B/R recently constructed in-depth scouting portfolios on some of the game's emerging stars. From Jack Grealish in the Premier League to Jose Maria Gimenez in La Liga, emerging faces of their respective leagues were analysed and tallied up, offering the chance to really get to know the skill sets of players set to make major impacts on the biggest stages.
We now turn our attention to the hidden gems, the diamonds in the rough. Some readers will already be familiar with the players listed here—especially if the player plays for your favourite club—but the wider world remains largely oblivious to these five Premier League starlets who could come from nowhere to make a real splash this season.
Jordan Amavi, LB, Aston Villa
French football aficionados won't consider Jordan Amavi a hidden gem because he tore Ligue 1 to shreds last season, but the typical Premier League fan stands very poorly acquainted with him.
Expert reviews on him vary from "promising but rough around the edges" to "the best left-back in France last season." It's difficult to gauge how well he'll settle in a new league, but what no one doubts is that he could, feasibly, become a true star in his position.
Think of him as an extremely early version of Gael Clichy, back when he landed on the Premier League's shores with Arsenal—a slender attacking outlet with recovery pace and intent to die for but a little shabby defensively and in need of a stern season of coaching by those best-placed to do so.
Amavi is a brilliant one-on-one dribbler. He loves to knock the ball forward and run onto it, can out-pace almost anyone and is happy to underlap as well as overlap. His crossing is OK, his distribution is OK, and he managed four goals in Ligue 1 last season—symptomatic of his willingness to burst into the penalty box on a delayed run or make an impact from a set piece.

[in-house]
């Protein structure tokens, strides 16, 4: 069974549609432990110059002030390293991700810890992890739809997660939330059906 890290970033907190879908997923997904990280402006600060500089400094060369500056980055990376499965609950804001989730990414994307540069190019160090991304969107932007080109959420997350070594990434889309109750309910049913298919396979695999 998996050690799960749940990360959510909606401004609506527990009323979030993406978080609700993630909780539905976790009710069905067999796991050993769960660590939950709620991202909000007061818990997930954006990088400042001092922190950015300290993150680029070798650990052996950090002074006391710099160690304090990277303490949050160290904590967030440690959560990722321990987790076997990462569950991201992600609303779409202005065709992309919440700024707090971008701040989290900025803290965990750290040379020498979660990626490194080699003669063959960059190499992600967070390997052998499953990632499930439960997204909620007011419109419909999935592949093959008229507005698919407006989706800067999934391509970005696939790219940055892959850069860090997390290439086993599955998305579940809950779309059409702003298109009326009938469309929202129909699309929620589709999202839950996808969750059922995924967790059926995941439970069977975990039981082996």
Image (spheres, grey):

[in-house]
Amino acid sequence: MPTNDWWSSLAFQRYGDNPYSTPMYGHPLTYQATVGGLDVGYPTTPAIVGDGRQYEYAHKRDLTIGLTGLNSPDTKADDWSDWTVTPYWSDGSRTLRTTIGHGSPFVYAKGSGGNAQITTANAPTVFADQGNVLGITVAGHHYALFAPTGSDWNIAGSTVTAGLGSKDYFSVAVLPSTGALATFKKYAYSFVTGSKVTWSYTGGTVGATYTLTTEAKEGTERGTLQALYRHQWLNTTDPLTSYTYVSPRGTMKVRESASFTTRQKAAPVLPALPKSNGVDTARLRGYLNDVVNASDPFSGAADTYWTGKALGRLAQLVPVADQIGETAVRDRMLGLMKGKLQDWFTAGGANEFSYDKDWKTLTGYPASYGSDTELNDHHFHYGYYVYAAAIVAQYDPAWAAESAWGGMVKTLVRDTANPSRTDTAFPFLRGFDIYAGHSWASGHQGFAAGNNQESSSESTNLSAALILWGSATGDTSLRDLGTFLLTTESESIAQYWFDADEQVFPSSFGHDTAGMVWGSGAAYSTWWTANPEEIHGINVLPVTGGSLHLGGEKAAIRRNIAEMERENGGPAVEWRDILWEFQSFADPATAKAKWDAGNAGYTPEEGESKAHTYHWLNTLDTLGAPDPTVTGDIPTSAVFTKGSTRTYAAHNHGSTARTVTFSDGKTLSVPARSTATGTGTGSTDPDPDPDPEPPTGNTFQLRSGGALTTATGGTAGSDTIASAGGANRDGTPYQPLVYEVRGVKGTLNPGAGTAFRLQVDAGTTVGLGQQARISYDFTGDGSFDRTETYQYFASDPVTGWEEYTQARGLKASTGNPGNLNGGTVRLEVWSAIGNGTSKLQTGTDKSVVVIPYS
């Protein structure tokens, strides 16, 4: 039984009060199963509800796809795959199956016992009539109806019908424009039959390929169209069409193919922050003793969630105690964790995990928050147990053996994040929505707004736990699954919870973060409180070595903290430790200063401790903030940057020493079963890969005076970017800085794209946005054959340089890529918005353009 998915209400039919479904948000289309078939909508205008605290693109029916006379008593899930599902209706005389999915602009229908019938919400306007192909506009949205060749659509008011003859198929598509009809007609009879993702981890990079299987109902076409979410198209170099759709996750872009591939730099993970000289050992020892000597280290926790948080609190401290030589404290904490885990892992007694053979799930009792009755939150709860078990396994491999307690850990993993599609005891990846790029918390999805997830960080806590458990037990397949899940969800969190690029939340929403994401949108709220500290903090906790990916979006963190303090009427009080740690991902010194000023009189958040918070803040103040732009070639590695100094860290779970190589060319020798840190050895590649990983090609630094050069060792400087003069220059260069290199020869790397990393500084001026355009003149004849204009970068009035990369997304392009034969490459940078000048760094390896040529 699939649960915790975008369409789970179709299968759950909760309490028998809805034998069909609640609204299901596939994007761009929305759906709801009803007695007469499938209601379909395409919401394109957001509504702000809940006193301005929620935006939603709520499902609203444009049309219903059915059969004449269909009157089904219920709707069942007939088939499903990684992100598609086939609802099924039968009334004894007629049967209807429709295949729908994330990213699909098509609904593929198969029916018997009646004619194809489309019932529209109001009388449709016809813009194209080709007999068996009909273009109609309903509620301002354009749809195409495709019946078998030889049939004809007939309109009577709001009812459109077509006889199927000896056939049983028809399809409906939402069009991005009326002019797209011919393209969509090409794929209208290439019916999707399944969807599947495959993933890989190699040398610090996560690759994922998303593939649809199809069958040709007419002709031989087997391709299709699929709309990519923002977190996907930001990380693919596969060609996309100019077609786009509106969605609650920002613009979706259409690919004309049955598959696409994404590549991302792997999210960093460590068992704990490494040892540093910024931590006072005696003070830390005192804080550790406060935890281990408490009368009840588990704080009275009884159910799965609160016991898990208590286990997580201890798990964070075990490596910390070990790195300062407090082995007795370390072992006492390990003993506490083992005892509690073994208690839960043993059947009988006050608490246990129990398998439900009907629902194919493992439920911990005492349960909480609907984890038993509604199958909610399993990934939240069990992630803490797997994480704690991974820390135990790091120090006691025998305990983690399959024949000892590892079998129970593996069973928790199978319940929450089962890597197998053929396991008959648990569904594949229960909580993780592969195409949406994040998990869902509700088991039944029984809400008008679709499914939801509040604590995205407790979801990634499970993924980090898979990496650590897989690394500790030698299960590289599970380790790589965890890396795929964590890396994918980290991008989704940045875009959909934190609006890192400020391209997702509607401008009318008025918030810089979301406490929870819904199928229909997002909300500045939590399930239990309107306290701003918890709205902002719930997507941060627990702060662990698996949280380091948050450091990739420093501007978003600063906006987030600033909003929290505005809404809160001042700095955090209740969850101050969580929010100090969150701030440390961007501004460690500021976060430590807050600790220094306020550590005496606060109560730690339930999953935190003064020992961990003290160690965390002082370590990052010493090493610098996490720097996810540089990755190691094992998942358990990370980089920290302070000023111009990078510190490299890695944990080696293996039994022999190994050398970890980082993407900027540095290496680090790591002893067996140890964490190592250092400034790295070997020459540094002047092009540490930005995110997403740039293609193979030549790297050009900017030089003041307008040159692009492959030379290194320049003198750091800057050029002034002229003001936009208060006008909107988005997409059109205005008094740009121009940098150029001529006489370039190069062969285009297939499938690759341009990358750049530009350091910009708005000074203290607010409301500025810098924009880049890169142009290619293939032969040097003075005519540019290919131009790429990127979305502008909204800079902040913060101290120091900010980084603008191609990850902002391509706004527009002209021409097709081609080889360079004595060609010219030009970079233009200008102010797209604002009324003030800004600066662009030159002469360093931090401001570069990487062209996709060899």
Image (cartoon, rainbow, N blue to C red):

He's a converted winger, and it shows in the way he attacks the edge of the box and how he times his off-the-ball runs. It also shows defensively too, as while his work rate is unquestionable and he can find himself in the right place at the right time, there's plenty for him to learn when it comes to initial positioning and spatial awareness. When to stand off, when to step in and how to position your body to limit an attacker's options are skills that look lost on him at times.
He's also pretty reckless, all told, when embarking upon his mazy dribbles. He could be just inside his own half and opt to buccaneer forward, taking on two men. Sometimes it works; sometimes he places his team in hot water.
The deal that took Amavi to Villa was worth a total of €15 million, with €11 million being paid up front and €4 million in bonuses, this column has learned. The two clubs agreed a fee two weeks before the Frenchman finally opted to move to B6, hoping in vain for Lyon or Atletico Madrid to show interest first.
Reaction to this initial reluctance to join the Villans should be tempered—who wouldn't hold out for a UEFA Champions League move first and foremost? Don't doubt that Amavi is extremely ambitious and will work hard to improve from Day 1. He's slated to start at left-back for Sherwood's Villa.
Joe Gomez, Liverpool
Liverpool fans are trying their hardest not to get carried away with regard to Joe Gomez right now, as his 90 cumulative minutes in Australia have given plenty of reason for optimism.